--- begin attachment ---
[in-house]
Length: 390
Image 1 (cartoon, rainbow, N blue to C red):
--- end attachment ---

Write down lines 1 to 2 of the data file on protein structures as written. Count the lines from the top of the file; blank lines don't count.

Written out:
[in-house]
Length: 390